Sirens are all part of the backdrop of New York. Every few minutes there will be a wailing a few streets down. Sometimes they almost flow into each other to provide a constant soundtrack. It's like the twittering of the birds in the forest or the lowing of cattle on a farm. Sirens are the reassuring noises of the urban jungle. When you don't hear them, that's when you know they're going to raid your joint.
We are staying one night at the Hilton New York. Not because we are extravagant but because Cath was already there for a conference on Search Engine Marketing. In fact although the Hilton New York sounds like a posh retreat, it is in fact a huge slab of quality hotel furniture in a somewhat newish but aging building. And every little thing they can charge you for, they charge you for. Even looking after your bags after you have checked out. In many ways, the Hilton New York is like Paris Hilton: tall, thin, expensive but not nearly as classy as you would have expected given the name.
Whilst Lady Catherine was at her final day of conference, soaking up the latest Google wizardry, I wandered around the city. Actually, at first I stayed in and mulled over some writings until the maid burst in made me realise I should probably head out. Well actually I realised this after she had burst in and then later bashed the door (or nearby wall) a few times. Plus who wants to stay in an overpriced bed when one of the most vibrant cities awaits your sardonic gaze?
Round the corner from the hotel is the well-renowned Carnegie Hall. Well-renowned mainly because of the joke. You know the one, "Q: How do you get to Carnegie Hall? A: Turn left out of the Hilton New York, left again then right onto the next street." It's not very funny, but it's accurate. It's almost as groan-making as the other Carnegie Hall joke. "Q: Where in The Netherlands can you get all of the materials necessary to make a full-size replica of Carnegie Hall? A: Praxis."
I had been expecting much more of Carnegie Hall given its renown. You know, the mock-Greek columns and pseudo-Roman busts beloved by American architects. But in fact it's just a regular old-school theatre. Or theater as they mispronounce it there.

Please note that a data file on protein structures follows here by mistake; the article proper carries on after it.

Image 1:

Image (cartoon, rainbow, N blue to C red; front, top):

On the way, it appeared to be letting-out time at the local police precinct. Dozens and dozens of police cars came lugging along the street, not seemingly going anywhere in particular, but using their sirens to get across junctions when the lights didn't agree with them. But on the bits in between, they didn't speed. It was more like they were cruising. A bunch of guys showing off their flashy motors.
For the next few hours, I wandered around the large greenish patch in the centre of town known as Central Park. The park is heavily populated with squirrels and film crews. Of the latter, I encountered three, although I suspect one of these sightings was an earlier one that had moved. The first one was filming a guy playing jazz on a saxophone whilst a boulder with a pair of legs danced beside him.
Possibly the most frequently encountered inhabitant of Central Park is the common New York park bench (Sedes Novus Amsterdamus). These are thousands of them; lining the paths, hiding near the bushes or gazing wistfully across the pools of water. There are easily more than enough for one per squirrel with enough left over for one for each member of each film crew. The reason there are so many is that they are sponsored. They can be bought as presents, memorials and even as a means to propose, all of which is indicated on a nice little plaque.
(Thanks to modern photography techniques, you can download this picture and add your own text to the plaque.)
The obese section of the population of the US, the ones who come to Europe and complain that the MacDonald's next to their hotel is not a drive-through, do not seem to live in New York. Here people seem regular sized. Judging by the labels on things here, people are concerned about their health. Their looks too. I even saw a tramp in the park combing his hair quite conscientiously.
Once my phone battery had given up the ghost, I was without a timepiece. It was now I realised that there are no clocks in this city. Odd in a city famous for people rushing around with places to be. Fortunately (or consequently) most people wear watches and asking the time is an accepted, even necessary, social interruption. In fact another tramp asked me soon after for the time. Wow, even the hobos in New York have places to go, people to see.
I took myself off to the city in search of cwarfee, the mysterious drink so beloved by these islanders. I popped into a temple of the astronomical deer (Starbucks) where I partook of a "grande" (or huge) beverage and listened to accents.